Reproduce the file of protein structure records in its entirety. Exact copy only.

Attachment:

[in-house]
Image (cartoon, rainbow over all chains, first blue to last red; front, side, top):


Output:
[in-house]
Image (cartoon, rainbow over all chains, first blue to last red; front, side, top):